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Scaling Rampart again

July 13, 2006

WHEN IT MEETS THIS AFTERNOON to take up the most recent report on the Rampart police scandal, the Los Angeles Police Commission will hear very little it hasn't heard, or probably guessed at, before. Los Angeles is under-policed. The Los Angeles Police Department relies largely on "warrior policing," leading to friction with communities that sometimes see officers as soldiers in an occupying army. There have been remarkable improvements since a consent decree imposed federal oversight and since William J. Bratton became chief in 2002.

That last point should not be swept aside. The Blue Ribbon Rampart Review Panel noted that the Rampart Division, where the now-defunct CRASH unit gave birth to a corruption scandal, is a model of enlightened policing. The LAPD is more transparent, in part because of reforms that predate the consent decree, such as adding an inspector general, in part because Bratton is open to criticism, and in part because of the federal mandates. It also is worth noting that the face of today's LAPD is different from a decade ago, with officers who more closely represent the ethnic makeup of the communities they patrol.

But along with the department's improvements are enduring problems. The panel, headed by attorney and civil rights activist Connie Rice, sees the LAPD as likely to revert to its old model and its old problems without a huge infusion of resources that the city, so far, has been unwilling to provide. Even today, the report claims, insufficient supervision leaves most LAPD divisions open to Rampart-style corruption. Many officers in high-crime divisions still police their beats by intimidation.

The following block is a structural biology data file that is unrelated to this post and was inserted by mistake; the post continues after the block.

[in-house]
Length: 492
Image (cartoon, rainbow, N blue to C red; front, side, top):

The need for more resources is a perennial diagnosis. Countless times, elected officials say they will find the money for more officers, but the LAPD stays the same size even as the city's population grows; the money has a habit of going somewhere else, or simply never materializing. Homeowners are soon to pay higher trash collection fees in return for a promised 1,000 new officers, but Bratton -- and Rice's panel -- are calling for three times that number to bring the department to an acceptable level.

The most telling part of the report, and the most stunning indictment of the city's failures in leadership, may well be in the few sentences of the introduction that describe the review panel's timeline. The Police Commission agreed to an independent probe in July 2003, five months after Bratton requested it. It took the City Council until February 2004 to sign on. It then took the commission until August 2004 to issue rules and allow the panel to begin its work. The report offers the dates without commentary, but between the lines is a gasp of frustration: More than a year passed from the time the panel was appointed and the time City Hall let it actually do anything.

So the Police Commission has today, seven years after the Rampart scandal surfaced -- and a few years after an internal LAPD report, a commission report, a union report, a legal-community report, a district attorney's report and a grand jury report that remains unseen and is perpetually sealed by court order -- a new report, calling for solutions the city knows it needs but is unable, or unwilling, to provide. Plus this unsurprising conclusion: We will never really know exactly what happened in Rampart.

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